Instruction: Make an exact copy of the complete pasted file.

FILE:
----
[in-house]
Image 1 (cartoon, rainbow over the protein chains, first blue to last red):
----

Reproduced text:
[in-house]
Image 1 (cartoon, rainbow over the protein chains, first blue to last red):